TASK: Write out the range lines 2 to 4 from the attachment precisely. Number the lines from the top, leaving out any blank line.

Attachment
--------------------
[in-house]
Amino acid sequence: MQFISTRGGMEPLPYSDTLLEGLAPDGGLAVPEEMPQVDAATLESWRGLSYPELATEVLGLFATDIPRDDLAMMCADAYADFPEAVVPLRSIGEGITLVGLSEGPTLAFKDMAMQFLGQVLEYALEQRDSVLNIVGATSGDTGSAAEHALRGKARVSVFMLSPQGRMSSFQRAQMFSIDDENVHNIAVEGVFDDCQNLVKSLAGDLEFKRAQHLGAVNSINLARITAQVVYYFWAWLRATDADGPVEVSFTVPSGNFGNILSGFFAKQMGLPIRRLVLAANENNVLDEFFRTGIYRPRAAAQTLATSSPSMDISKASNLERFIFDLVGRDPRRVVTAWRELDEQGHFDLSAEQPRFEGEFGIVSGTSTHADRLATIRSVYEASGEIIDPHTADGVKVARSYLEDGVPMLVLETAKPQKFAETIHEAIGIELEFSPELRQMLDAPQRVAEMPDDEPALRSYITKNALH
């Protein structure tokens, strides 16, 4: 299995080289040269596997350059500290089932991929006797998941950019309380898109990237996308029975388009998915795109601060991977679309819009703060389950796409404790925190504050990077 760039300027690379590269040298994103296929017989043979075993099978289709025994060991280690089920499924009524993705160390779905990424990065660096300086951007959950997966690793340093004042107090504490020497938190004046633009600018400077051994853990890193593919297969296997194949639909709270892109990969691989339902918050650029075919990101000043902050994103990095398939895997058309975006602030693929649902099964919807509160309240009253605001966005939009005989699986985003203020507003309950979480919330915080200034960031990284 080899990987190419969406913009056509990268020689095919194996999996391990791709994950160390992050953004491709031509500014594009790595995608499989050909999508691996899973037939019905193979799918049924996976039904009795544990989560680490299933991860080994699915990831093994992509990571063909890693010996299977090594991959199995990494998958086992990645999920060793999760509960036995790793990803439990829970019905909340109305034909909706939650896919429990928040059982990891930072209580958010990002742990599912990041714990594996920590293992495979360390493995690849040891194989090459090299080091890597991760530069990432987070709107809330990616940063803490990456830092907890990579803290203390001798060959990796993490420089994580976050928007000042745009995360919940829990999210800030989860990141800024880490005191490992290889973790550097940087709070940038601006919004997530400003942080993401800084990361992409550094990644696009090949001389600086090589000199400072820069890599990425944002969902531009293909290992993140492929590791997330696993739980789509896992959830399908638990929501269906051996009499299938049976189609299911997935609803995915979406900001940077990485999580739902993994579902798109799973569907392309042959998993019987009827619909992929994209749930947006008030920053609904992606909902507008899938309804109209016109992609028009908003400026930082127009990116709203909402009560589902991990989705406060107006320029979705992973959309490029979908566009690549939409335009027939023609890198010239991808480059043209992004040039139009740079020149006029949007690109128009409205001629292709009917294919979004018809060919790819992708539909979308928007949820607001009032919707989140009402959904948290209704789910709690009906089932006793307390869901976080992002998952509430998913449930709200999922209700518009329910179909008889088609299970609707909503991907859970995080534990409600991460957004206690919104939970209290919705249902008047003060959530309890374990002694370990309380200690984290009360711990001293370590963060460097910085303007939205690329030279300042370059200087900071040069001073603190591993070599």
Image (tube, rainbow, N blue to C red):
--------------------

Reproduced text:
Amino acid sequence: MQFISTRGGMEPLPYSDTLLEGLAPDGGLAVPEEMPQVDAATLESWRGLSYPELATEVLGLFATDIPRDDLAMMCADAYADFPEAVVPLRSIGEGITLVGLSEGPTLAFKDMAMQFLGQVLEYALEQRDSVLNIVGATSGDTGSAAEHALRGKARVSVFMLSPQGRMSSFQRAQMFSIDDENVHNIAVEGVFDDCQNLVKSLAGDLEFKRAQHLGAVNSINLARITAQVVYYFWAWLRATDADGPVEVSFTVPSGNFGNILSGFFAKQMGLPIRRLVLAANENNVLDEFFRTGIYRPRAAAQTLATSSPSMDISKASNLERFIFDLVGRDPRRVVTAWRELDEQGHFDLSAEQPRFEGEFGIVSGTSTHADRLATIRSVYEASGEIIDPHTADGVKVARSYLEDGVPMLVLETAKPQKFAETIHEAIGIELEFSPELRQMLDAPQRVAEMPDDEPALRSYITKNALH
């Protein structure tokens, strides 16, 4: 299995080289040269596997350059500290089932991929006797998941950019309380898109990237996308029975388009998915795109601060991977679309819009703060389950796409404790925190504050990077 760039300027690379590269040298994103296929017989043979075993099978289709025994060991280690089920499924009524993705160390779905990424990065660096300086951007959950997966690793340093004042107090504490020497938190004046633009600018400077051994853990890193593919297969296997194949639909709270892109990969691989339902918050650029075919990101000043902050994103990095398939895997058309975006602030693929649902099964919807509160309240009253605001966005939009005989699986985003203020507003309950979480919330915080200034960031990284 080899990987190419969406913009056509990268020689095919194996999996391990791709994950160390992050953004491709031509500014594009790595995608499989050909999508691996899973037939019905193979799918049924996976039904009795544990989560680490299933991860080994699915990831093994992509990571063909890693010996299977090594991959199995990494998958086992990645999920060793999760509960036995790793990803439990829970019905909340109305034909909706939650896919429990928040059982990891930072209580958010990002742990599912990041714990594996920590293992495979360390493995690849040891194989090459090299080091890597991760530069990432987070709107809330990616940063803490990456830092907890990579803290203390001798060959990796993490420089994580976050928007000042745009995360919940829990999210800030989860990141800024880490005191490992290889973790550097940087709070940038601006919004997530400003942080993401800084990361992409550094990644696009090949001389600086090589000199400072820069890599990425944002969902531009293909290992993140492929590791997330696993739980789509896992959830399908638990929501269906051996009499299938049976189609299911997935609803995915979406900001940077990485999580739902993994579902798109799973569907392309042959998993019987009827619909992929994209749930947006008030920053609904992606909902507008899938309804109209016109992609028009908003400026930082127009990116709203909402009560589902991990989705406060107006320029979705992973959309490029979908566009690549939409335009027939023609890198010239991808480059043209992004040039139009740079020149006029949007690109128009409205001629292709009917294919979004018809060919790819992708539909979308928007949820607001009032919707989140009402959904948290209704789910709690009906089932006793307390869901976080992002998952509430998913449930709200999922209700518009329910179909008889088609299970609707909503991907859970995080534990409600991460957004206690919104939970209290919705249902008047003060959530309890374990002694370990309380200690984290009360711990001293370590963060460097910085303007939205690329030279300042370059200087900071040069001073603190591993070599």
Image (tube, rainbow, N blue to C red):